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Over Forty Years to Show Time

Author Photo
By Staff

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The IHC LA 3-5 HP, the 1916 Chapman 1 HP type B, and Massey Harris model R20, 3 HP, back home from the shows.
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F12 lawn ornament (and grandchildren).
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Older restoration (1958).
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2 WD's.

208 Mediterranean Ave., Amherstburg, Ontario, Canada N9V 3X9

Being born in 1933, I can well remember the last of the
depression and the war years. We lived on the farm and my father
worked the land with a would-be team consisting of a mule with
two-speeds (slow and stop) and a half loco mare that would run off
the end of a cliff if you didn’t stop her.

One day, when I was age five, I saw the mule on a 30 foot tether
eating grass. Nearby was an old hand saw that one of my brothers
had abandoned. I thought if I cut him in half, we’d have two
mules. I barely touched him on the back when suddenly he reeled
around and gave me both hooves. I realized then one mule was plenty
enough!

Well, getting back to the story, after the war my father got a
new B. F. Avery and sold the team, and along in 1952 we moved to
the city but I kept the two old horse collars for keepsakes.

In 1957 my brother found an old engine with other junk he bought
from a farmer. I bought the engine from him for $15. It had only a
serial number for identification. There was no way to find out what
it was, as engine shows were unheard of till Steamera in Milton,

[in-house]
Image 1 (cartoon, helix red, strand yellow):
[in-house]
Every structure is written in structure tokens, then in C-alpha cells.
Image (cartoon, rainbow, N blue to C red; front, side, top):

Ontario, started in 1961. I took it to a self-made mechanic who put
a coil, condenser and battery into it and got it running. Wow, what
a thrill!

It looked like it had been painted black, so I repainted it
black with gold trim.

After that, I married, had kids, moved from place to place
-Toronto in the ’60s and then back to this area- carting that
heavy old engine every time.

In 1987, at Christmastime, I quit smoking for good and needed a
hobby badly, and so it was I purchased a 1947 Allis WC and one for
parts, then a ’37 Farmall F12, good only for a lawn
ornament.

Soon I started going to shows, and subscribed to GEM in January
1990. I purchased the engine and tractor books by C. H. Wendel, but
I couldn’t identify my engine so I wrote to GEM in June 1994
(29-6-15).

Finally I received a letter and copy of the engine as Chapman 1?
HP. It is a type B made in 1916 according to the serial number
(page 90 in the book).

Finding new interest, I purchased a Massey-Harris 3 HP and an
IHC LA 3-5 HP the following year, and a two wheel trailer a year
later. I built a self storing unit that would display the engines,
then more recently a canopy for shade.

Well, after forty years, I got up the nerve to go to a couple of
shows this summer (1999). One in Brigden, Ontario, on August 20-22
and Florence, Ontario, September 17-19. I met the fellow who sent
me the letter regarding the engine. After I thanked him muchly, he
said he knows of only one other engine of that type. I certainly
enjoyed talking to the many enthusiasts of old iron, although the
primitive camping was plenty rough, sleeping in the back of my
van.

All in all, I enjoyed it immensely and intend to go to more
shows next year.

Oh by the way, I still have the two horse collars.

Gas Engine Magazine

Preserving the History of Internal Combustion Engines